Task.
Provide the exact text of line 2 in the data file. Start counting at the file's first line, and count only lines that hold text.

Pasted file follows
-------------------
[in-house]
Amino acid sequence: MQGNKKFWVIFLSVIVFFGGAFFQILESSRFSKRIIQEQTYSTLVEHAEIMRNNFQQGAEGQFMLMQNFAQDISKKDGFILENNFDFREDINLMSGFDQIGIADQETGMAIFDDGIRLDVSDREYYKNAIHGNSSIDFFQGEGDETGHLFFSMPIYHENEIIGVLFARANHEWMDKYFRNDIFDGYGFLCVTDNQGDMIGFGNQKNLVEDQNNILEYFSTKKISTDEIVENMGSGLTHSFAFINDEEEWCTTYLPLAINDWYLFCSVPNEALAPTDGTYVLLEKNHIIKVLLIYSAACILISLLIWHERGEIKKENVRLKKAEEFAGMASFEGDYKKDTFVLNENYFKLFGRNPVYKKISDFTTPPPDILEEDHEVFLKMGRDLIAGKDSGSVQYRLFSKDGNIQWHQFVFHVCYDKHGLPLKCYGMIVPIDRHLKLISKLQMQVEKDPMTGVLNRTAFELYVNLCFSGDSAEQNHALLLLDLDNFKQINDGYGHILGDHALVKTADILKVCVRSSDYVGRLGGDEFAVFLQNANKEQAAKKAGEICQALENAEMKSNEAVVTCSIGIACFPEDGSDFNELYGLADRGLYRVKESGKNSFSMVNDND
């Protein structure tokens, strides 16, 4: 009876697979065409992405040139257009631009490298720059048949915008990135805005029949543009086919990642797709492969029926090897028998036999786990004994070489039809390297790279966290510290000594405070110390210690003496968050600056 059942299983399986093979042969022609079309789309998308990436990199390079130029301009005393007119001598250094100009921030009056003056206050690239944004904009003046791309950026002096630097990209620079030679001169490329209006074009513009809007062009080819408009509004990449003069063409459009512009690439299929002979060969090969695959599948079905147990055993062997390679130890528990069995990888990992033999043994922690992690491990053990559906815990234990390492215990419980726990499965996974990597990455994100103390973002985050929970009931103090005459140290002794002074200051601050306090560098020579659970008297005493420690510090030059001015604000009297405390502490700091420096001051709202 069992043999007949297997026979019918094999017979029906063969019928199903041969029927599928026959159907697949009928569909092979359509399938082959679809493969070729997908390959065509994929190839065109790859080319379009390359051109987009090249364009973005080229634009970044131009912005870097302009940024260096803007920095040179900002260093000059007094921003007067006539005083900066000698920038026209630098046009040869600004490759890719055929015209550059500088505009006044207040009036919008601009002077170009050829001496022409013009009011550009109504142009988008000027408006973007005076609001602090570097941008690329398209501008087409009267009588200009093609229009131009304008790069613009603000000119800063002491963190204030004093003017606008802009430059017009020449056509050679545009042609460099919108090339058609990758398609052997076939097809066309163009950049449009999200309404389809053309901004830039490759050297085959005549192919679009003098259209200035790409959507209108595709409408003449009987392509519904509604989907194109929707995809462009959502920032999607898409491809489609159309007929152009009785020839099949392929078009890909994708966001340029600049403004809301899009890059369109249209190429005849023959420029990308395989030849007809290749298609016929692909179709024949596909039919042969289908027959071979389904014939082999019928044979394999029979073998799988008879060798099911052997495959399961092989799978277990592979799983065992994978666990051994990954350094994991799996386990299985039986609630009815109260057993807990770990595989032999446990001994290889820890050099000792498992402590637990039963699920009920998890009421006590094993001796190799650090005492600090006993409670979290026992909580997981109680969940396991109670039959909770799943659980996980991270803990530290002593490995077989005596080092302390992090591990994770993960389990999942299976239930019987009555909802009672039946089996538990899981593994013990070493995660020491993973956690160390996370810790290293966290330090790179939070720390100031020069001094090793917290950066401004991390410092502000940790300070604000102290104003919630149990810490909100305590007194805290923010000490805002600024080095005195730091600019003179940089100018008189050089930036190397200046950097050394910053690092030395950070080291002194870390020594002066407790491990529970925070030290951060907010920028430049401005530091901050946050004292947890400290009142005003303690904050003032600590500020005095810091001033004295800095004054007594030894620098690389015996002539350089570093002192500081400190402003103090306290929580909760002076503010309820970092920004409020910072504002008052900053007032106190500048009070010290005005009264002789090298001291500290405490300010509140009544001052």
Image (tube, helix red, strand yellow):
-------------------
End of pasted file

Amino acid sequence: MQGNKKFWVIFLSVIVFFGGAFFQILESSRFSKRIIQEQTYSTLVEHAEIMRNNFQQGAEGQFMLMQNFAQDISKKDGFILENNFDFREDINLMSGFDQIGIADQETGMAIFDDGIRLDVSDREYYKNAIHGNSSIDFFQGEGDETGHLFFSMPIYHENEIIGVLFARANHEWMDKYFRNDIFDGYGFLCVTDNQGDMIGFGNQKNLVEDQNNILEYFSTKKISTDEIVENMGSGLTHSFAFINDEEEWCTTYLPLAINDWYLFCSVPNEALAPTDGTYVLLEKNHIIKVLLIYSAACILISLLIWHERGEIKKENVRLKKAEEFAGMASFEGDYKKDTFVLNENYFKLFGRNPVYKKISDFTTPPPDILEEDHEVFLKMGRDLIAGKDSGSVQYRLFSKDGNIQWHQFVFHVCYDKHGLPLKCYGMIVPIDRHLKLISKLQMQVEKDPMTGVLNRTAFELYVNLCFSGDSAEQNHALLLLDLDNFKQINDGYGHILGDHALVKTADILKVCVRSSDYVGRLGGDEFAVFLQNANKEQAAKKAGEICQALENAEMKSNEAVVTCSIGIACFPEDGSDFNELYGLADRGLYRVKESGKNSFSMVNDND